The Call of the Man Eater is the fourth book of jungle tales and man-eaters by Kenneth Anderson , first published in 1961 by George Allen and Unwin .
Kenneth Anderson gratefully dedicates the book to the memory of his father, the late Douglas Stuart Anderson, Superintendent of Military Accounts in the British Government of India train, “who, when and how, Wild places and living creatures of the land, the beauties of the countryside, and a deep appreciation of the marvelous ways of Nature and of God – an example which is imperfectly striven to emulate by passing these precepts to my son, Donald “. 
Anderson introduces his fourth book by explaining his hopes to do something different, and he also likes to capture and share with others his view of the world.
The Call of the Man-Eater
Anderson heads to a Gunjur bungalow on the trail of a man-eating tiger when the daughter of a hard working caretaker is killed. Anderson sets out to hunt the man-eater hampered by a lack of supplies, a torch with a failing battery and his caretaker friend whose nerves keep getting better from him. It soon becomes apparent that the tiger is going to be killed by a lone jackal, so that the next victim may be able to locate its next kill. With limited supplies, Anderson and the caretaker improvised a bait to sit over, by making a caretaker’s pillows and clothes.
The Evil One of Umbalmeru
Local workers start to go missing in the Chamala Valley, plucked from the ground without any drag marks, blood or foot prints during the middle of the afternoon. Locals soon spread word that the Chamala Valley is haunted by an ‘Evil One’. Anderson arrives in the valley to unravel this mystery and through some investigations he discovers a very interesting story about a local circus – which leads him to the reason why the man-eater kills during the day, and where it can be found.
A Night by the Fire Camp
Anderson takes us to his solitary jungle retreat, The Secret River at Kundukottai. Whilst describing his night in a jungle camp, he also tells the story of how his family acquired certain jungle farts; Bruno the sloth bear , Jackie the hyena and Ella the jackal .
The Black Rogue of the Moyar Valley
Anderson takes an American tourist to the Mysore area to photograph Indian wildlife, and whilst there They encounter a rogue black elephant qui HAD reportedly killed locals. Anderson and the tourist have a narrow escape with the elephant, and later heads back to track and kill it. The story ends with the black elephant, which leaves Anderson feeling sympathy for the rogue despite its actions.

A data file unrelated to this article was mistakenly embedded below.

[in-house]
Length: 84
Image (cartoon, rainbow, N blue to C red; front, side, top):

Jungle Days and Nights
Anderson recounts a collection of events from the Indian jungles, some tragic, some humorous. Including; guiding a stubborn senior factory officer to a crocodile shoot, a friend who refers to a local rogue elephant as his watchdog and problems faced with the local police the murder, which one has a much regretted decision in his life.
The Creatures of the Jungle
Anderson shares his stories about the various creatures of the Indian jungle; wild dog , wild boar , bear sloth , pangolin , hyena , tiger , panther and elephant .
The Sulekunta Panther
Anderson’s shikaris friend, Muniappa (formerly in the story of the Jowlagiri Manifesto – Nine Maneaters and One Rogue ), will give you a lot of help to get you started. the skin as settlement. Eventually agreeing to shoot the tiger, Anderson ends up spending the worst night of his life on a badly made machan during a terrible storm. The sale brings in a lot of malaria, and Anderson does not want to go back to work for another month or so. Upon his return it transpires that in fact the cattle lifter is a panther and not a tiger. Anderson sits up and awaits the panther, and when he arrives and he has a clean shot – he decides on the last minute to let it go.
From Mauler to Man-Eater
The Mauler of Rajnagara ( Man Eaters and Jungle Killers ) and The Maneater of Pegepalyam ( The Black Panther of Sivanipalli and Other Adventures of the Indian Jungle). Previously a tiger in the area of Rajnagara had a man-eater, but had a curious habit of using his teeth and only killing with its claws. Following the previous failed attempts to shoot the tiger, Anderson and his son. When two human kills are reported in Bejahahai, Donald travels there alone to dispatch the killer. At this point Donald takes over the writing of the story and describes his hunt for the man-eater in detail. Donald eventually kills the maneater at his cave up steep hill. Examining the body he finds that the nose has been blown away by a gun shot, disabling it from using its jaws as a weapon.
- Jump up^ Anderson, Kenneth (1961). The Call of the Man Eater . George Allen and Unwin. p. 7.